It's the fierce debate sweeping the nation, one that has been generating intense discussion in all walks of life, the like that hasn’t been seen in a generation. You can't go a day without being asked “Are you in or out?” and it's certainly sparking strong and seriously divided views amongst voters.
But are we as informed as we should be?
A large proportion of the nation still remain undecided and it's easy to see why. Both the Britain Stronger in Europe and Vote to Leave camps are churning out persuasive campaign material and it’s easy to be swayed from reading one leaflet or news bulletin to the next.
There’s strong argument, impressive statistics and endless notions that whichever way we vote, we face some sort of catastrophic event.
Whilst I am already marginally leaning towards a camp to back, I do not feel adequately informed or confident in the knowledge that I am aware of all the relevant facts and figures to make the right decision. And it’s not just the right decision for me, it’s the right decision for our great nation, as they say we need to make Britain great again.
I will be closely following this momentous referendum with the aim to bring you impartial and balanced discussion, upon which an informed decision can be made to ensure voters feel confident of their choice when going to the polls.
Firstly, I want to start off with some background; An overview of the European Union & why we should really care about staying in or leaving.
Unless you've been living in the remotest parts of the world you will probably already know what the EU Referendum is and why it’s something that cannot simply be ignored. Thursday 23rd June 2016 will be a historic day. The day that we, the people of the United Kingdom, decide our future with one simple vote; to either remain in the European Union or take a leap of faith and leave the inner circle of Europe.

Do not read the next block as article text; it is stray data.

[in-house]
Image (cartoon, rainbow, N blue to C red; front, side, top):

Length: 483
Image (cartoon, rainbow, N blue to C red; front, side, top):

What is The European Union?
It is an economic political union of 28 member states that are located in Europe, essentially a membership to one big borderless network. The EU is designed to operate as one single market; allowing the members to enjoy free movement of goods, services, capital and people. The latter of which has come under intense scrutiny since the recent problems facing Europe as a result of mass migration.
The EU referendum is creating such a furore in the UK because of the potential impact the outcome will have. Both sides of the argument have very strong views on what the implications might be depending on which way the vote will go, but it’s clear that a lot of what is being banded around by advocates of the stay and leave campaigns seem to amount to a certain level of speculation and conjecture.
There are several campaigns running on both sides of the referendum but there are two main campaigns in the run up to the vote.
Who are the two camps?
Spear headed by Prime Minister David Cameron and Chancellor of the Exchequer George Osborne, Britain Stronger in Europe is the main campaign advocating voters to tick the stay box on June 23rd.
What they believe; Britain will be financially worse off if the nation does vote to leave the EU and that we will once again be plunged into years of austerity. They also predict that interest rates will rise, thousands of jobs would be at risk, house prices would fall and that the average household could be worse off by between £850 - £1700 a year.
The other side of the fence is fronted by ex London Mayor Boris Johnson and backed by Michael Gove and Ian Duncan Smith to name but a few. Vote Leave is the main campaign for those backing the nation to leave the EU.
What they believe; Britain would save £350 million a week on EU membership which could be put back into the UK. Without free movement and other restrictions the EU membership enforces, Britain would be able to take back control of it's borders, limiting the amount of people entering the UK and once again decide the laws that govern the country from Britain rather than in Brussels.
With just under a month to go until the polls open the campaigns will show no sign of let up and will continue to gather momentum and probably get even uglier. What remains to be seen and heard amongst all the mud slinging, political point scoring and scaremongering, is which outcome would actually be in the best interests for the 60 million people that live in Britain.
That for me is the big question that still remains unanswered and one which I’m hoping to shed some light on over the coming weeks.